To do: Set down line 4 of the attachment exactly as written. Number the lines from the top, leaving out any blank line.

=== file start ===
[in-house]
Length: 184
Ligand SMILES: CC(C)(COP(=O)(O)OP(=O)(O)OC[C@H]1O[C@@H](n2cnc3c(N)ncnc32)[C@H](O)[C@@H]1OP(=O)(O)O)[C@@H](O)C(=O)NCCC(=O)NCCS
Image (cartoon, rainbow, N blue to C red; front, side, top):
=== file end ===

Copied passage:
Image (cartoon, rainbow, N blue to C red; front, side, top):